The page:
Since when was power goodness, or cleverness truth?
The myth of Antigone, as told by the Greek playwright Sophocles, is one of the most well known of the Greek myths and one of the most meaningful for feminism and for revolutionary politics. She has become an icon of resistance. Of pitting personal conviction against state law. Of speaking truth to power.
Helen Morales, Antigone Rising: The Subversive Power of the Ancient Myths [Amazon, Bookshop, Publisher, Local Library]
Mysteries of other worlds, hidden forces, strange revelations, mysterious illnesses, exceptional faculties, spirits, apparitions, magical paradoxes, hermetic arcana, we shall say all, and we shall explain all. Who has given us this power? We do not fear to reveal it to our readers.
Éliphas Lévi, trans Aleister Crowley, Liber XLVI The Key of the Mysteries
Chesed corresponds to the creative aspects of leadership, and early texts are one-sided in characterising this by love, mercy and majesty. Gevurah corresponds to the conservative aspects of leadership, to the power to preserve the status-quo, and the power to destroy anything opposed to it. These two aspects go hand-in-hand – try to change anything of consequence in society, and someone will invariably oppose that change. To bring about change it is often necessary to have the power to over-rule opposition. Consensus is an impossibility in society – there will always be someone whose opinions are at best ignored and at worst suppressed – and Chesed and Gevurah represent respectively the kingly obligation to seek what is good for the many (enlightened leadership of course!), and the power to judge and punish those opposed to the will of the king.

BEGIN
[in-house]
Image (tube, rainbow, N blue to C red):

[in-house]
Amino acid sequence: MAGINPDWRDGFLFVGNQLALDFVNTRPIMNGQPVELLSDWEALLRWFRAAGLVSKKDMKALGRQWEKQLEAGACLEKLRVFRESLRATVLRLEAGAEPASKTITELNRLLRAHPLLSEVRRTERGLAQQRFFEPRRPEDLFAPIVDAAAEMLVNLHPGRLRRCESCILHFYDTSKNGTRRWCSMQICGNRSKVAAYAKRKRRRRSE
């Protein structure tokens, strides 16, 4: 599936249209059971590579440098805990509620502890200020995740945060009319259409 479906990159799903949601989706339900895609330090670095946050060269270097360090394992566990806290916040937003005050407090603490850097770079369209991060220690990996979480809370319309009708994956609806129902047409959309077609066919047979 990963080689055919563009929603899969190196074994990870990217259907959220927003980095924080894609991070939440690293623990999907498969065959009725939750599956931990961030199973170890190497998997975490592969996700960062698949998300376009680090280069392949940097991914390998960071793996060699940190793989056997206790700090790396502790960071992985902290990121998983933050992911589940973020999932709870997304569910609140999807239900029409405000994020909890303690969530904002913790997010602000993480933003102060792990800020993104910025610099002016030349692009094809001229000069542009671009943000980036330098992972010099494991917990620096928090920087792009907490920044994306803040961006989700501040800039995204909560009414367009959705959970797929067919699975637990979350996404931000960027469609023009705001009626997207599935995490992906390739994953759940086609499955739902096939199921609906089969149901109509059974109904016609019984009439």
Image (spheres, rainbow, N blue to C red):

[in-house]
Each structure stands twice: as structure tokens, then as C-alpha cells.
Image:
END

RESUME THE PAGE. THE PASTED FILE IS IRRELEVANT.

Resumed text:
Colin Low, Introduction to the Kabbalah, “Gevurah and Chesed”
We should therefore attempt to remove all external impediments which are in the way of our spiritual development and live in a state of purity. Our thoughts should be continually directed inwardly and within ourselves; for within ourselves is the element of consciousness, knowledge, and power. Nothing hinders us to develop and exercise our own powers, except our misconceptions, imaginations, and external desires. Therefore the divine influences will only come to him who liberates his soul of all such hindrances, carnal desires, prejudices, and hallucinations. A diseased eye cannot bear to look at the light; an impure soul is repulsed by the divine light of truth.
Franz Hartmann, In The Pronaos of The Temple of Wisdom
The symbolic syncretism of the Golden Dawn a century ago, which fused renaissance Hermeticism with oriental esoterics drawn from the European imperial experience, only fully flowered when Aleister Crowley added a battery of gnostic power techniques culled from diverse cultural sources.
Edward expects things from this world…he holds it to a standard. Such people may have a kind of power in them. They can be creatures of great kindness, or great malice. Their expectations give them deep roots, deep sense of self.
J Kelley Anderson, Casting Shadows